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Adenovirus Infections

By

Brenda L. Tesini

, MD, University of Rochester School of Medicine and Dentistry

Last full review/revision Jul 2020| Content last modified Jul 2020
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Infection with one of the many adenoviruses may be asymptomatic or result in specific syndromes, including mild respiratory infections, keratoconjunctivitis, gastroenteritis, cystitis, and primary pneumonia. Diagnosis is clinical. Treatment is supportive.

Adenoviruses are DNA viruses classified according to 3 major capsid antigens (hexon, penton, and fiber). There are 7 human adenovirus species (A to G) and 57 serotypes. Different serotypes are associated with different conditions.

Adenoviruses are commonly acquired by contact with secretions (including those on fingers of infected people) from an infected person or by contact with a contaminated object (eg, towel, instrument). Infection may be airborne or waterborne (eg, acquired while swimming in lakes or in swimming pools without adequate chlorine). Asymptomatic respiratory or gastrointestinal viral shedding may continue for months, or even years.

Symptoms and Signs

In immunocompetent hosts, most adenovirus infections are asymptomatic. When infections are symptomatic, a broad spectrum of clinical manifestations is possible because most adenoviruses that cause mild disease have affinity for a variety of tissues.

Most symptomatic infections occur in children and cause fever and upper respiratory symptoms, including pharyngitis, otitis media, cough, and exudative tonsillitis with cervical adenopathy that can be difficult to distinguish from group A streptococcal pharyngitis. Adenovirus types 3 and 7 cause a distinct syndrome of conjunctivitis, pharyngitis, and fever (pharyngoconjunctival fever).

Rare adenoviral syndromes in infants include severe bronchiolitis and pneumonia. In closed populations of young adults (eg, military recruits), outbreaks of respiratory illness may occur; symptoms include fever and lower respiratory tract symptoms, usually tracheobronchitis but occasionally pneumonia.

Case clusters of severe respiratory disease, caused by specific adenoviruses (particularly types 7, 14, and 55), have occurred in healthy adults.

Adenoviral infections are being increasingly recognized as causes of severe respiratory and other clinical disease in immunocompromised adults.

Epidemic keratoconjunctivitis is sometimes severe and occurs sporadically and in epidemics. Conjunctivitis is frequently bilateral. Preauricular adenopathy may develop. Chemosis, pain, and punctate corneal lesions that are visible with fluorescein staining may be present. Systemic symptoms and signs are mild or absent. Epidemic keratoconjunctivitis usually resolves within 3 to 4 weeks, although corneal lesions may persist much longer.

Nonrespiratory adenoviral syndromes include hemorrhagic cystitis, diarrhea in infants, and meningoencephalitis.

Most patients recover fully. Even severe primary adenoviral pneumonia is not fatal except for rare fulminant cases, predominantly in infants, military recruits, and immunocompromised patients.

Diagnosis

  • Clinical evaluation

  • For severe disease, polymerase chain reaction (PCR) testing of respiratory secretions and blood

Laboratory diagnosis of adenovirus infection rarely affects management. During the acute illness, the virus can be isolated from respiratory and ocular secretions and frequently from stool and urine. A 4-fold rise in the serum antibody titer indicates recent adenoviral infection.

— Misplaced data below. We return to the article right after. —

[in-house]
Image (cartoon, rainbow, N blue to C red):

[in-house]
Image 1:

PCR testing can detect adenovirus DNA in respiratory secretions and blood and is useful when patients have severe disease and a diagnosis is needed.

Treatment

  • Symptomatic treatment

Treatment of adenovirus infections is symptomatic and supportive. No antiviral agents are proven effective, although ribavirin and cidofovir have been used in immunocompromised patients with varying results.

Prevention

Vaccines containing live adenovirus types 4 and 7, given orally in an enteric-coated capsule, can prevent most illness caused by these two types. The vaccine was unavailable for a number of years but was reintroduced in 2011. However, it is available only for military personnel. It may be given to patients aged 17 through 50 years and should not be given to women who are pregnant or breastfeeding.

To minimize transmission, health care practitioners should change gloves and wash hands after examining infected patients, sterilize instruments adequately, and avoid using the same ophthalmologic instruments in multiple patients. Adenoviruses are resistant to many common disinfectants; bleach-based products containing 2000 to 5000 ppm chlorine are recommended, as are the US Environmental Protection Agency (EPA) recommended antimicrobial products effective against norovirus. The US Centers for Disease Control and Prevention (CDC) provides specific recommendations for disinfecting ophthalmologic equipment to prevent epidemic keratoconjunctivitis.

Key Points

  • Adenoviruses can be spread through contact with secretions from an infected person or contact with a contaminated object.

  • Most infections are mild; manifestations (eg, fever, upper and lower respiratory symptoms, pharyngitis, conjunctivitis) vary widely depending on the serotype.

  • Severe illness occurs mainly in infants and immunocompromised patients but occasionally occurs in healthy adults.

  • Treatment is supportive.

  • An oral vaccine can reduce incidence of lower respiratory disease but is available only for military personnel.

Drugs Mentioned In This Article

Drug Name Select Trade
VISTIDE
VIRAZOLE
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